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Sunday, December 21, 2014

'The Net Petroleum Exporter Myth'

Bill McBride at Calculated Risk:

Katie Couric and the Net Petroleum Exporter Myth: To understand what the general public is hearing about oil, I watched a Yahoo video yesterday with Katie Couric explaining the decline in oil prices.

In general the piece was very good. Couric started by explaining that the decline in oil prices could be explained in two words: Supply and Demand.  She discussed reasons for more supply and softening demand. ...

But then Couric mentioned a myth I've heard several times recently. She said:

In fact, [the U.S.] is now the world’s largest producer of petroleum, and for the last two years, it has been selling more to other countries than it’s been buying. Who knew?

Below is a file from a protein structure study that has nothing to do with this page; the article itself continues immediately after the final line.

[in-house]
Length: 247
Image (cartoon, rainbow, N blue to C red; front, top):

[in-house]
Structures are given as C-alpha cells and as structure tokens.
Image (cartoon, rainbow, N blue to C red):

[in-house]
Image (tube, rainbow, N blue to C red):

"Who knew?"  No one, because it is not true. Yes, the U.S. is the largest producer this year (ahead of Saudi Arabia and Russia), but the U.S. is NOT "selling more to other countries than it's been buying".

The source of this error is that the U.S. is a net exporter of refined petroleum products, such as refined gasoline. Here is the EIA data on Weekly Imports & Exports of crude oil and petroleum products.  The U.S. is importing around 9 million barrels per day of crude oil and products, and exporting around 4 million per day (mostly refined products). The U.S. is a large net importer! ...

    Posted by on Sunday, December 21, 2014 at 11:59 AM in Economics, International Trade, Oil | Permalink  Comments (23)


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